It reminds me of a silly episode from the old television show from the mid- 1960s, Gilligan’s Island, which as you will recall was a thirty minute comedy about seven castaways are their humorous adventures on a deserted island in the Pacific. The cable channel TV Land is now airing the old show in the evenings and I have found myself enjoying it all over again.

A few nights back, they broadcast one of my favorite episodes. In the story, Gilligan is fishing in the lagoon and catches a large crate that is filled with vegetable seeds for planting. Well, this was an exciting discovery to say the least. After all, the castaways were used to eating fish, coconuts, bananas and the other basic foods that the island where they were stranded produced. It had been a long, long time since any of them had enjoyed fresh vegetables so this crate seemed like manna from heaven.

The problem was that these were experimental radioactive seeds from a Hawaiian laboratory. They had fallen off of a transport ship by mistake and somehow floated to the island. They were dangerous and not for human consumption. The crate that Gilligan had found was clearly marked “danger” but when the crate had been opened the warning label had been discarded before it was seen or read. In turn, throughout the episode, the message was right there in their midst, but they failed to see it, hear it or heed it.

That is what happens in our relationships I am afraid. We assume that how we feel is obvious. We assume that those who are special to us already know our thoughts and feelings so why communicate it. Yet often times, we live in each other’s presence and in the presence of God every day without hearing and being clear about the love and affection that we share. In turn it is far better to overstate how we feel than to understate it. If we love, cherish and value the special people in our lives and if we know that God feels the same way, let’s make sure that these feelings are clearly known.

The other thing that speaks to me about Paul’s writing in chapter one of Thessalonians is the context within which it is shared. What I mean is that as much as Paul loved the Thessalonians and for that matter the other early New Testament congregations that he helped to found, they also frustrated him. Paul’s work was not easy work. As happens in both the best of churches and in the best of human relationships, Paul was sometimes disappointed by these early believers. Sometimes he was at odds with them and at other times he was saddened by their behavior and decisions. But, that never, ever changed how he felt about them in the depths of his heart. In turn, often times, he began his letters by expressing how much he loved them so that the genuine way that he felt would provide an underpinning for everything else he was going to say.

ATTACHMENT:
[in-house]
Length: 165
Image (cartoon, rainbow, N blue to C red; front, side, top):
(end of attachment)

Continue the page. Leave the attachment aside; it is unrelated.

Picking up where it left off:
This, I think is good advice and an excellent practice for all of us to embrace.

Some of you have heard me share a saying from an older gentleman that I know which to me deserves repeating here. In the past, when I lived near him, I heard him on more than one occasion have a conversation with someone within which they disagreed about the matter under discussion. Invariable, as the conversation came to an end, the other person would say to him, “even though we disagree, I hope we can still be friends”. When such as statement was made, this gentleman would always respond, “I never knew that our friendship was in question”.

I like that. Yet, in this world in which we live today, I don’t think many people take that idea for granted. Today, so often, if someone disappoints us, fails us or disagrees with us then the whole way we feel about that person often changes. In other words our love and affection is often believed to be as open to change as the wind or the outcome of our most recent actions. In turn, one of the greatest ways we can impact people, and at least from where I sit, one of the best ways we can share the love of God, is by letting people know clearly and directly that our love and care as well as God’s love and care remains. And, that these feelings are true even in spite of what may have happened in our relationship in recent days.

To use a new twist on an old saying, “saying “I love you” in the end may not be the most difficult thing, but saying “I love you” and meaning it is.” Amen.